There were a number of other people who followed the Keir Starmer comments and here are some of the words each of them used. Next was Ian Blackford of SNP

The Prime Minister cannot “get away with it” again. Will he Prime Minister finally do the decent thing and resign, or will his Tory MPs be forced to show him the door?

Trust has been lost; the public will not forgive or forget. If the Prime Minister has no sense of shame, the Tory Back Benchers must act to remove him. They know that the damage is done. This weak and contemptuous Prime Minister can no longer limp on.

The message from the public is clear: remove this unfit Prime Minister from office, and do it now.

Stephen Farry of Alliance in Northern Ireland

Today’s apology is too little, too late. If the Prime Minister were sincere, he could have apologised at any stage over the past 18 months, rather than waiting until he was found out.

For once, can the Prime Minister do the honourable thing and resign, for the sake of the public health message, and for standards in our democracy?

Steven Bonnar SNP

Figures released just last night show that 79% of people in Scotland think the Prime Minister should step down. Does he realise that it is now clear to all that, although he may not understand how to be socially distant from others, there is no doubt that he is morally distant from the rest of us across these nations, and that the best thing he can do now is to go? Resign, Prime Minister!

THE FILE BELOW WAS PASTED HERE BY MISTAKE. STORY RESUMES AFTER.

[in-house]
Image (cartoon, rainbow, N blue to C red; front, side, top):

Toby Perkins Labour Chesterfield

We all know that the Prime Minister was sacked from two previous jobs for lying, so can he explain to the House why he believes that the great office of Prime Minister can be held to a lower standard than those previous jobs that he was sacked from? 

Chris Bryant Labour Rhondda

The Prime Minister did not spot that he was at a social event. That is the excuse, isn’t it? Come off it. How stupid does he think the British people are? The worst of it is that he has already managed to completely destroy Allegra Stratton’s career and tarnished the reputation of Lord Geidt, and now he is making a fool of every single MP who cheered him earlier and everyone who goes on the radio and television to defend this shower of shenanigans. Would it not be absolutely despicable if, in the search for a scapegoat, some junior member of staff ended up losing their job while he kept his?

And the final person was Ed Davey as leader of the Liberal Democratic Party

After another shameful week for the Prime Minister’s Government, this has been a shameful attempt to apologise to the House today. Can the Prime Minister explain why the only person to have resigned so far following this scandal is Allegra Stratton, a woman, while he, the man who sanctioned and attended at least one party in 10 Downing Street, still sits in his place? Advisers advise and Ministers decide. So will the Prime Minister, for the good of the country, accept that the party is over and decide to resign?

And the response from Johnson for Ed Davey was consistent with his responses to all of the other MPs including Keir Starmer

I thank the right hon. Gentleman for his question. I respect the point he is making, but I must say I disagree. I would ask him to wait and see what the inquiry says. I will be very happy to talk to him then.

About ianchisnall

I am passionate about the need for public policies to be made accessible to everyone, especially those who want to improve the wellbeing of their communities. I am particularly interested in issues related to crime and policing as well as health services and strategic planning.